NASA: IMO’s global sulphur cap slashed air pollution from shipping

The International Maritime Organization’s (IMO) global sulphur cap has reduced artificial “ship track” clouds to record-low levels, a new study conducted by the National Aeronautics and Space Administration (NASA) shows.

Ship tracks, the polluted marine clouds that trail ocean-crossing vessels, are a signature of modern trade. In 2020, satellite observations showed fewer of those pollution fingerprints.

Drawing on nearly two decades of satellite imagery, researchers found that the number of ship tracks fell significantly after a new fuel regulation went into effect. A global standard implemented in 2020 by the IMO, requiring an 86% reduction in fuel sulphur content – likely reduced ship track formation. 

Recently, the IMO also pointed out that there has been an estimated 77% drop in overall sulphur oxide emissions from ships since the entry into effect of the IMO 2020 regulations. The 2020 Sulphur Cap has limited the use of sulphur in fuel oil used on board ships operating outside of designated emission control areas to 0.50 percent m/m down from 3.50 percent m/m limit.

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NASA scientists emphasized that by capping fuel sulfur content at 0.5% (down from 3.5%), IMO’s global regulation in 2020 changed the chemical and physical composition of ship exhaust. Less sulphur emissions mean there are fewer aerosol particles released to form detectable ship tracks, according to NASA.

While analyzing 2020 data, the researchers found that ship-track density fell that year in every major shipping lane.

Moreover, ship-based tracking data indicated that the COVID-19 pandemic played a role in decreasing global shipping traffic by 1.4% for a few months. They noted that the pandemic-related disruptions played a secondary role. But this change alone could not explain the large decrease in observed ship tracks, which remained at record-low levels through several months of 2021.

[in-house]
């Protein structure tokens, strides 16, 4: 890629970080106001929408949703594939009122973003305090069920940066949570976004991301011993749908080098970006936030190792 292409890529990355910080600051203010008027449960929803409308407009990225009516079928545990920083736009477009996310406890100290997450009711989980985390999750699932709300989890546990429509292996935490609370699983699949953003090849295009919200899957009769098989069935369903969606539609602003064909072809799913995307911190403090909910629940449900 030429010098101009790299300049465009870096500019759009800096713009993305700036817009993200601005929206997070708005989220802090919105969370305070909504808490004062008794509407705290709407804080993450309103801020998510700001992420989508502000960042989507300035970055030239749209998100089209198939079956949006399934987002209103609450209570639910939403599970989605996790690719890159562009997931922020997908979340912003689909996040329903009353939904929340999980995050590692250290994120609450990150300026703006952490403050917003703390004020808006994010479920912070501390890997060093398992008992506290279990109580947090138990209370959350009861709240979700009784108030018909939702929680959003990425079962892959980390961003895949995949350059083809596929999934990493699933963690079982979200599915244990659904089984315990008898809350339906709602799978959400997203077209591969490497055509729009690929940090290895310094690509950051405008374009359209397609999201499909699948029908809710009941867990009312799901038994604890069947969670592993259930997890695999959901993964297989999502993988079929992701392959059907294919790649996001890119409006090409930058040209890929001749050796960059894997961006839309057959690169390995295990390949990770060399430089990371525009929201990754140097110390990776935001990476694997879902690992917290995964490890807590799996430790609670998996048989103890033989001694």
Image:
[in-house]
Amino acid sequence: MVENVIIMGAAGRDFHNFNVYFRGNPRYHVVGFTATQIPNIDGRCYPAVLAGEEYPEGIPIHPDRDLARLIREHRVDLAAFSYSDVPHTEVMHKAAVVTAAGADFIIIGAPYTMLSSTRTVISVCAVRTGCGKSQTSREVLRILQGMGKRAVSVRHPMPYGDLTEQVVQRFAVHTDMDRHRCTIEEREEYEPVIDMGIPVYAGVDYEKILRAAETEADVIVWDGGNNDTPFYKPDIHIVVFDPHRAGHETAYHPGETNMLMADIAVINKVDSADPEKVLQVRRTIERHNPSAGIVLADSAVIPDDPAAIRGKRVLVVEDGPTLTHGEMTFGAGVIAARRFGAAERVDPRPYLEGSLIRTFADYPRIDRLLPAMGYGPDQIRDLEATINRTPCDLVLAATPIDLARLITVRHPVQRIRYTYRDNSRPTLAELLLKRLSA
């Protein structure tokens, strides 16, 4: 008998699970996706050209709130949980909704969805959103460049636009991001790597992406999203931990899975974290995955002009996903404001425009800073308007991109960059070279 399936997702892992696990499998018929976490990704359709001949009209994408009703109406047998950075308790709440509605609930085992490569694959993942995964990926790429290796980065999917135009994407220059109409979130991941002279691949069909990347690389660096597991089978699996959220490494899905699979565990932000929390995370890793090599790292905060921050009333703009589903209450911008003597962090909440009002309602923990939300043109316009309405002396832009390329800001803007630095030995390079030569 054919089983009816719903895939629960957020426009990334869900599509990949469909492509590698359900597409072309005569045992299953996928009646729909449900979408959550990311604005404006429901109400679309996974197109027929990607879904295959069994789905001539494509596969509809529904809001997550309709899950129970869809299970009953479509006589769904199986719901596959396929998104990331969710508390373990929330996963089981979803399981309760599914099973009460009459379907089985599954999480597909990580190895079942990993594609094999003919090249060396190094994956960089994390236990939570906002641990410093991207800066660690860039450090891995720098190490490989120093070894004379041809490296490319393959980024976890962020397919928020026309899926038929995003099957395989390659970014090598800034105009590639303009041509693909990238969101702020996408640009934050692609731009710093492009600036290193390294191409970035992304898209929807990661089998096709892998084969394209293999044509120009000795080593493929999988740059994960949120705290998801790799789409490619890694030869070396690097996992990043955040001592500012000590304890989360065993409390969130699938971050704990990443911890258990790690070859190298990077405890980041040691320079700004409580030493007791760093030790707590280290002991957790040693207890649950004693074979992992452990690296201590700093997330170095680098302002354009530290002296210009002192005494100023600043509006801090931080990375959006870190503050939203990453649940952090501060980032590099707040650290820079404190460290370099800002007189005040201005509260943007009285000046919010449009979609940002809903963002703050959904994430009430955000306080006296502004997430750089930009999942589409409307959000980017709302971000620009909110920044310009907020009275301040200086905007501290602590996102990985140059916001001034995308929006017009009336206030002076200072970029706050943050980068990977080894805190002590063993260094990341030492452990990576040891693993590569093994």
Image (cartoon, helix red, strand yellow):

Credit: NASA Earth Observatory

“Without this kind of complete and large-scale sampling of ship tracks, we cannot begin to completely understand this problem,” said lead author Tianle Yuan, an atmospheric scientist at NASA’s Goddard Space Flight Center in Greenbelt, Maryland, and the University of Maryland, Baltimore County.

Furthermore, Yuan and colleagues found that fluctuations in economic activity leave distinct traces in the satellite record. In particular, Trans-Pacific ship track patterns between Asia and the Americas reflect dips and spikes in trade.

As outlined in the study, a general upward trend in shipping activity between 2003 and 2013, reflected in ship-track clouds, dropped for about a year in the aftermath of the 2008 global financial crisis. An even sharper decrease between 2014 and 2016 likely reflected a slowdown in Chinese imports and exports of raw materials and commodities.

The researchers applied advanced computing techniques to create the first global climatology (a history of measurements) of ship tracks. They used artificial intelligence to automatically identify ship tracks across 17 years of daytime images (2003-2020) captured by NASA’s Moderate Resolution Imaging Spectroradiometer (MODIS) aboard the Aqua satellite.

“Ship tracks are great natural laboratories for studying the interaction between aerosols and low clouds, and how that impacts the amount of radiation Earth receives and reflects back to space. That is a key uncertainty we face in terms of what drives climate right now,” Yuan concluded.